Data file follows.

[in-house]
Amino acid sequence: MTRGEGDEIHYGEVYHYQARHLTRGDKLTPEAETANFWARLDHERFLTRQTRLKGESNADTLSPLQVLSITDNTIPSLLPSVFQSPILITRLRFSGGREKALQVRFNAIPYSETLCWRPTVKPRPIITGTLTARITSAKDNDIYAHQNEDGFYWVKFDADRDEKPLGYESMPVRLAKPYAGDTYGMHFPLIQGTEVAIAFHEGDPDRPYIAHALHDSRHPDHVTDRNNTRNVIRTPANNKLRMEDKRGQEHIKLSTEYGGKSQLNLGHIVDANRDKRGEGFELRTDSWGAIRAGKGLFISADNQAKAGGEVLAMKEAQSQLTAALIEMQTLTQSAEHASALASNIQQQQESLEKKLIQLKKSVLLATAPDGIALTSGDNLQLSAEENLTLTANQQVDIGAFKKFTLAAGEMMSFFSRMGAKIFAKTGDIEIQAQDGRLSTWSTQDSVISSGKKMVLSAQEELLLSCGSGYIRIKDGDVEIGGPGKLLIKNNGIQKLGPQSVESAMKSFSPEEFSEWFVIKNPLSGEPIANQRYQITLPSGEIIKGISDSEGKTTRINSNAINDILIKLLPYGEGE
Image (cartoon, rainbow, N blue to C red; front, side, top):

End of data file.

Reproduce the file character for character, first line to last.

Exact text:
[in-house]
Amino acid sequence: MTRGEGDEIHYGEVYHYQARHLTRGDKLTPEAETANFWARLDHERFLTRQTRLKGESNADTLSPLQVLSITDNTIPSLLPSVFQSPILITRLRFSGGREKALQVRFNAIPYSETLCWRPTVKPRPIITGTLTARITSAKDNDIYAHQNEDGFYWVKFDADRDEKPLGYESMPVRLAKPYAGDTYGMHFPLIQGTEVAIAFHEGDPDRPYIAHALHDSRHPDHVTDRNNTRNVIRTPANNKLRMEDKRGQEHIKLSTEYGGKSQLNLGHIVDANRDKRGEGFELRTDSWGAIRAGKGLFISADNQAKAGGEVLAMKEAQSQLTAALIEMQTLTQSAEHASALASNIQQQQESLEKKLIQLKKSVLLATAPDGIALTSGDNLQLSAEENLTLTANQQVDIGAFKKFTLAAGEMMSFFSRMGAKIFAKTGDIEIQAQDGRLSTWSTQDSVISSGKKMVLSAQEELLLSCGSGYIRIKDGDVEIGGPGKLLIKNNGIQKLGPQSVESAMKSFSPEEFSEWFVIKNPLSGEPIANQRYQITLPSGEIIKGISDSEGKTTRINSNAINDILIKLLPYGEGE
Image (cartoon, rainbow, N blue to C red; front, side, top):